The numbers behind the rent crisis

There is a huge disparity between the average national house price and the average that people are paying to rent properties in Ireland, recent statistics have shown.

Despite recent growth, national house prices in Ireland are 25 percent lower than they were in May 2007 at the height of the boom.

Rent prices, however, now stand at a national average of €1,200 per month, an all-time high.

The rent price index never experienced the same dramatic fall as the residential property price index (RPPI) in the worst years of the recession, falling by only 25 percent in total. In contrast, the housing market saw prices decrease by more than half by the end of 2012.

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Furthermore, the twelve quarters between the fourth quarter of 2014 and the third quarter of 2017 saw consecutive year on year increases of six percent or higher, with inflation standing above ten percent for the previous six quarters.

House prices have experienced a significant growth since 2013, when they were at their lowest, and grew by close to eight percent nationally in 2016.

Having said that, the far more dramatic fall of house prices in the wake of the recession has caused such a disparity to exist between house prices and rent prices.

Such a gap between house prices and rent prices highlights the extent of the rent crisis in Ireland and there is nowhere in which that gap is more evident than in Dublin.

The rent crisis has manifested itself in the capital, where it is now 23 percent more expensive to rent accommodation than it was at the 2008 peak. On the other hand, house prices in Dublin are 25.9 percent lower than they were at the same time.

Despite significant growths for both the rent and property industries in Dublin in recent years, rent continues to grow at a faster pace.

Dublin rent growth exceeded Dublin property growth in 2016, averaging a quarterly growth of 2.2 percent, compared to a 1.4 percent average quarterly growth in house prices.

Rents have been broadly increasing in Dublin since a low in quarter one of 2011.

South Dublin has been the area worst affected by the rent crisis, and it now costs just under €2,000 per month to rent property there, with the average standing at €1,955.

Apartments, in particular, have been subject to extreme rises in rent prices in the capital and are now 17.6 percent greater than they were in 2007.

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In real figures, a Dublin house costs €280,380 on average compared to €412,324 in July 2007. In contrast, it cost roughly €1,725 to rent in an area like Rathfarnham at the start of the year and cost €1,518 to rent in Rathfarnham in 2007, which further emphasises the growing rent crisis in Ireland.

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Rent Prices in South Dublin are nearly four times more expensive than in Leitrim.

Growing rent prices have led to a fall in living standards for a number of tenants, with overcrowding becoming an issue across the country.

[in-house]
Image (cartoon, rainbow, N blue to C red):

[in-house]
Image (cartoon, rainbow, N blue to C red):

Last month, RTE’s Primetime Investigates televised an investigative look into some of these rental properties, in which up to 12 tenants were living in one bedroom in bunk beds, in filthy and unsafe conditions.

Many of these properties did not meet health and safety regulations, and would put the tenant’s lives in danger if a fire broke out. The high price and low standard of rental properties in Ireland has led to people choosing to save for a mortgage to buy a home rather than waste ‘dead money’ on rent.

Dr Rory Hearne of Tasc believes that the rent problem can be traced back to the Celtic Tiger and the subsequent collapse of the construction industry in Ireland.

“Up until last year we were only seeing 10,000 new houses being built every year, when in actual fact we needed roughly 25,000 a year. There is a gap between the housing that’s needed and the housing that’s being supplied,” said Dr Hearne.

Dr Hearne is supported by statistics which show that there were only 251 properties available to rent across Cork, Galway, Waterford and Limerick cities, as compared to 2,250 properties in 2009 – a 90 percent decrease.

Dr Hearne believes that the policies implemented by the Irish government following the crash in 2008 have led to this current crisis and is critical of how Real Estate Investment Trusts (REITs) are dominating the private rented sector here.

A Real Estate Investment Trust is a foreign company that bought up cheap Irish assets during the recession and are now renting these properties at ‘significant prices’. Dr Hearne believes that the government is at least partly responsible for allowing these companies to flourish in Ireland.

“The government attracted these companies in and gave them a tax break on the profits they made,” said Dr Hearne. “These companies know that it will be very difficult for Irish people to buy property in the coming years and, therefore, know that there are huge profits to be made in the rented sector.”

With homelessness, and the threat of homelessness, at the fore of much political discussion, such statistics show that there is no easy fix to the problem.

By Shane O’Brien and Aimee Walsh


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